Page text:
Switching to an ErgoDox EZ

A series of posts detailing my reasoning and experiences switching to the ergodox keyboard

Working as a programmer means being conscious on your ergonomics. After trying out a coworkers split keyboard a few years back I switched from using Apple keyboards to a Matias Quiet Pro. I went into it fully expecting it would cost me a few weeks getting used to a split layout. In reality all it took me was a few days.

The Matias Ergo Pro

Now, for the most part I really enjoyed using the Matias board. It has the most comfortable palm cushion I ever experienced and the layout worked great for me. It supports tenting and negative tilt, which I used extensively. Maybe I didn't use the split as well as I should. I often found myself slowly sliding my two keyboard halves closer to eachother during stressful moments, relying on years of muscle memory to have a higher accuracy and words per minute score. Not great for your posture, but with tenting it felt already so much better than using a 'normal' keyb'oard.

It's also a mechanical keyboard using their own custom switches, the Matias Quiet Clicks. And it's these switches that made me look into a replacement keyboard. They slowly started misbehaving, resulting in either unregistered keypresses, double keypresses and the last couple of weeks even triple keypresses. That became infuriating.

To make matters worse, three of my colleagues experienced similar issues with their Matias boards. After running some searches on the internet it became clear we weren't the only ones facing these issues. It's clear to me the Matias boards have quality control issues. After discarding a total of four expensive keyboards we decided to ditch Matias and look into alternatives.

A shame really, as I really enjoyed my Matias board otherwise.

Searching for alternatives

When it comes to good mechanical, split keyboards there's not a lot of choice. My co-workers all switched to Kinesis Freestyle keyboards, providing a similar layout as the Matias. Some of them are gamer RGB versions with Cherry MX Reds, and others the Pro model without RGB lighting but with Cherry MX Browns. When I tried them out I discovered several things.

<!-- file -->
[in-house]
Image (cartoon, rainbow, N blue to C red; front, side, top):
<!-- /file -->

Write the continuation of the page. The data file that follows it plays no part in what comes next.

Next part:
• Layers are confusing, but pretty powerful
  • The Cherry MX Reds are not for me, but the MX Browns feel just right
  • I really enjoy RGB lights in a keyboard. It adds a bit of flair. It's fun!
  • The layout was different enough to cause me to make typos all the time.

I figured if I have to get used to a new layout anyway I could also try something more drastic. Say... a fully programmable ortholinear keyboard with thumb clusters?

The ErgoDox

The ErgoDox is an ortholinear, programmable, open-source keyboard with thumb clusters. Here's a picture of the full set.

The ErgoDox EZ

Ortholinear means the keys are not staggered but directly on top of each other. The idea is that your fingers are roughly linear, so your keyboards keys should be too. Apparantly the only reason keyboards are staggered is because that was the only way to fit the electronic circuits in typewriters. Its an inherited design that got never questioned again.

Thanks to it's QMK firmware it's fully programmable. You can remap keys, add macros, edit layers and more. Because of the design of the ErgoDox this is not a bonus. It's a neccisity because you have less keys than on a traditional keyboard. For example there are no dedicated function keys, navigation cluster or media controls. You have to use layers to access those keys. In a way you have to bring the keys to your fingers, instead of bringing your fingers to the keys. More on this later.

Being open-source means the designs and firmware are free to use. However, you still need to source all the parts together and solder your switches to the board before you can use it. I decided to go for the easy way and purchased a built-to-order ErgoDox EZ.

The thumb clusters are designed on one important concept. Your thumbs are your strongest fingers, so why would you only use them for your spacebar? Each thumb gets a cluster of 6 keys, configurable to do anything you want, but by default the left main thumb key acts as space, while your right key serves as an enter.

The ErgoDox thumb cluster

Through the configurator I selected the Glow (RGB lightning) version of the ErgoDox with printed keycaps, Cherry MX browns, tilt kit and wing rests.

In part 2, I'll describe my first real experiences writing on the ErgoDox EZ.